The final jerk behavior I exhibit, at least to my own reckoning, is newly articulated in my mind. It boils down to that I don’t keep my mouth shut. I pipe up almost every time those around me say or do something I disagree with. I’m constantly putting little crimps in people’s world views, dings in beliefs, it makes me fairly disagreeable, in the literal sense. Even if I don’t actually put dings in beliefs, the fact that I try still qualifies me as a jerk. But this is wrong. This is not how the world should be. The world is not divided into separate spheres where each person gets their own bubble to do whatever they want with, only joining with those around long enough to exchange compliments and pass over disagreements. The world is interconnected and the mistakes of those around me will affect me and the rest of the world. Sitting by and letting people believe the incorrect is the real jerk thing to do. This category of my jerkiness I do not accept. In fact, I argue this jerk behavior is one of my strongest character strengths. I fight ignorance and illogicality as I can, with little support, and quite a lot of resistance, and I do it primarily for those other than myself.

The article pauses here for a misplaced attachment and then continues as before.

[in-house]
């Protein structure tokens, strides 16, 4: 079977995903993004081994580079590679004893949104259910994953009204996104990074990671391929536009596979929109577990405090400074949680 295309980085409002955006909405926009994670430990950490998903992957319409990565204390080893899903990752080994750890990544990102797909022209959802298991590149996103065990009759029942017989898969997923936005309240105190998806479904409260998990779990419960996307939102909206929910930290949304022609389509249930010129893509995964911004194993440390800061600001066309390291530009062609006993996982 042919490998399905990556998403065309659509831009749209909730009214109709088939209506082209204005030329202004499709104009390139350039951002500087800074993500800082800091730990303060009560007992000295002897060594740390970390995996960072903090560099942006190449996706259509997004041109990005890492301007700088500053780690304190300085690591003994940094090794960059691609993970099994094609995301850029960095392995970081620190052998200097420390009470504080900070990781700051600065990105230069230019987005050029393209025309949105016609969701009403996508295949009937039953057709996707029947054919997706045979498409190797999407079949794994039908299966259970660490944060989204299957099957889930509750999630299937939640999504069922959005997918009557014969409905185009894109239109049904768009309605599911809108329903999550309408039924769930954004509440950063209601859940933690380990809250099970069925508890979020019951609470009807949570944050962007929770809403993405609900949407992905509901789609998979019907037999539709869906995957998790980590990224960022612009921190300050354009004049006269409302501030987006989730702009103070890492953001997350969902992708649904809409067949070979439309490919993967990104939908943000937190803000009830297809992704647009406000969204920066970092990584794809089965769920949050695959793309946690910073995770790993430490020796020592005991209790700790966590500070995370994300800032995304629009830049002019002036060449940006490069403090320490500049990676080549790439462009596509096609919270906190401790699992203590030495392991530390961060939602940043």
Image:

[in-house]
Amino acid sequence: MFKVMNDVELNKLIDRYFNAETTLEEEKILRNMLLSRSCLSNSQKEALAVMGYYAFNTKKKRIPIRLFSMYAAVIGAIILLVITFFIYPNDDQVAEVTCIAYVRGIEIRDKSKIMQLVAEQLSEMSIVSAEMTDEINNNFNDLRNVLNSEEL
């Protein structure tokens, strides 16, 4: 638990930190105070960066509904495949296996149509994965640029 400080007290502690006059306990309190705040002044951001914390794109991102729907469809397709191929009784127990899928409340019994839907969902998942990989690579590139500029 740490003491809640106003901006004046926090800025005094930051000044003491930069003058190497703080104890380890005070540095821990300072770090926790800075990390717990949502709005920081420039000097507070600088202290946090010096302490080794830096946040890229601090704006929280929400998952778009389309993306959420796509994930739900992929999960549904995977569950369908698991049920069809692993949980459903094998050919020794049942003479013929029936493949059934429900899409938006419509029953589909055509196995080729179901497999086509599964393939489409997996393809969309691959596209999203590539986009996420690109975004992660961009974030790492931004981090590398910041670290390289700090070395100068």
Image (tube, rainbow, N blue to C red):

I’ve not really argued against my being a jerk, and I’m not going to. I am a jerk. The point is I’m a lot of other things first. Besides all that above I do many other things. I share all I have with whoever wants it. I specifically give things I enjoy to others if they will enjoy it more. I help when asked, and when I obviously can even if I’m not asked. I donate my blood, my hair, my time, my computer cycles, and when I get some, my money. I’m on the list to donate my marrow, and if I die I’ve stated I want to donate everything I got. I’m ridiculously honest. I never do anything with intent to harm. I conserve. I write my congressman. I forgive easily. I take responsibility for my actions. I never risk compromising these qualities by altering my mind with chemicals.
My point is the things that make me a jerk are trivial compared to the things that make me a good guy. So, it’s correct to call me a jerk, but it should be more obvious, and is more correct, to call me a stand up citizen and friend to humanity.
I could start discussing the various cyclic loops in this whole subject of the jerk, but I think I should stick a fork in this post. Gonna do some homework or something.